I just spent the entire weekend with a few dozen of my fellow Americans shooting an Appleseed event in southern Arizona soaking up the history of April 19/1775 and sending lots of rounds downrange in a deliberate fashion to hone skills and allow men to “see what they are about”. I know, I know, this the same date the media and usual suspects will obsess over the events at Waco and the Murrah Federal Building in Oklahoma. It is not that I don’t mourn for the dead in both those events but this particular time and date 235 years has a much more direct correlation to our current pathos and misery. We are here and suffering under this monstrous Federal leviathan because we forgot who we are. The men and women who stood up to the mightiest military machine on planet Earth on that fated day in 1775 knew that liberty and freedom had a price. They knew that their neighbors and friends and family did not exist off of each other in the Remora Nation we created here and now. They were Porcupine Nation and proud of it. Never once would they lift a finger against the mighty British empire unless they had been provoked and worse. Theirs was a society of hard work and volunteerism and to quote Natty Bumpo when accused of being a loyal British subject in “Last of the Mohicans”: “Frankly, I ain’t subject to much at all” or Captain Reynolds in “Firefly”: “I ain’t runnin’ no more, I aim to misbehave.”
Take the time today to search the ‘net if you have History Deficit Disorder and educate yourself. Lord knows you can even unplug the infernal device and pick up a book like “Paul Revere’s Ride” by David Hackett Fischer. If you want to live free, stop just thinking about it. Educate yourself, turn off the TV, turn a trade into a hobby or vice versa.
And BY GOD, learn to shoot straight.
You can own the finest weapons produced but if you can’t deliver consistent shots out to 500 meters, what good are they? They are Liberty’s Teeth and need to be cared for as well as you may. We have resisters in Afghanistan defending their homeland from foreign invaders (again) with rifles nearing a hundred years old and they are winning. Those men know what they are about. Do you? -BB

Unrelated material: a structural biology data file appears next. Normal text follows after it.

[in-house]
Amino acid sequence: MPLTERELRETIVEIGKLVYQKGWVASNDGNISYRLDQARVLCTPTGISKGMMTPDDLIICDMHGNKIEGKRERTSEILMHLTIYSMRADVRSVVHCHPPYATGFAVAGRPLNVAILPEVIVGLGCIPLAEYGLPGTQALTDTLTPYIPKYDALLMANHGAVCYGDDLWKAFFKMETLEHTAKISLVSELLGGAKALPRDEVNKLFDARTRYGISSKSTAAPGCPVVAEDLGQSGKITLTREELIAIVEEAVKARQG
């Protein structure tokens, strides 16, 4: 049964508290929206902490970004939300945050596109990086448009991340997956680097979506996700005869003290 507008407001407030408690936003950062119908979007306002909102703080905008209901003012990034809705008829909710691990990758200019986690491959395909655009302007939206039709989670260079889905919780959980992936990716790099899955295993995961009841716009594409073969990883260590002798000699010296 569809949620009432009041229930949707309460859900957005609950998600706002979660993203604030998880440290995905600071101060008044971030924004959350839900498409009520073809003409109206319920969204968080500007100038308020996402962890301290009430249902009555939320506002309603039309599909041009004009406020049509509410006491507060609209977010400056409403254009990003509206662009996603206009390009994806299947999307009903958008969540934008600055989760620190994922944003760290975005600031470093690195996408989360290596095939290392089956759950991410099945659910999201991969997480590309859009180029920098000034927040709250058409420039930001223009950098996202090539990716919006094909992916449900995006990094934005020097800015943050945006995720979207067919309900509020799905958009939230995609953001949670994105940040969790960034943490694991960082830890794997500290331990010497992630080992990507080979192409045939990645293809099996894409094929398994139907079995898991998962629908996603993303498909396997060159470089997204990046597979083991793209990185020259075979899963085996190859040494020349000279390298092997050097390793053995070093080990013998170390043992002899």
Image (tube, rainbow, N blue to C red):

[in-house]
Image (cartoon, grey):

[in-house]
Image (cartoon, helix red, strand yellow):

Date Wednesday, April 19, 1775
Weather ~55-65`F, winds calm
Location Lexington and Concord Massachusetts
Great Britain versus The US Colonies
Casualties Force: 1500
…these united States
The Battles of Lexington and Concord were actually the first military engagements of the American Revolutionary War. They were fought on April 19, 1775, in Middlesex County, Province of Massachusetts Bay, within the towns of Lexington, Concord, Lincoln, Menotomy (present-day Arlington), and Cambridge, near Boston. The battles marked the outbreak of open armed conflict between the Kingdom of Great Britain and its thirteen colonies in the mainland of British North America.
About 700 British Army regulars, under Lieutenant Colonel Francis Smith, were ordered to capture and destroy military supplies that were reportedly stored by the Massachusetts militia at Concord. Dr. Joseph Warren alerted the colonists of this. The Patriot colonists had received intelligence weeks before the expedition which warned of an impending British search, and had moved much, but not all, of the supplies to safety. They had also received details about British plans on the night before the battle, and information was rapidly supplied to the militia.
The first shots were fired just as the sun was rising at Lexington. The militia were outnumbered and fell back. Other British colonists, hours later at the North Bridge in Concord, fought and defeated three companies of the king’s troops. The outnumbered soldiers of the British Army fell back from the Minutemen after a pitched battle in open territory.
More Minutemen arrived soon thereafter and inflicted heavy damage on the British regulars as they marched back towards Boston. Upon returning to Lexington, Smith’s expedition was rescued by reinforcements under Hugh, Earl Percy. A combined force of fewer than 1,700 men marched back to Boston under heavy fire in a tactical withdrawal and eventually reached the safety of Charlestown.
The British failed to maintain the secrecy and speed required to conduct a successful strike into hostile territory, yet they did destroy some weapons and supplies. Most British regulars returned to Boston. The occupation of surrounding areas by the Massachusetts Militia that evening marked the beginning of the Siege of Boston.
Ralph Waldo Emerson, in his Concord Hymn described the first shot fired by the Patriots at the North Bridge as the “shot heard ’round the world”.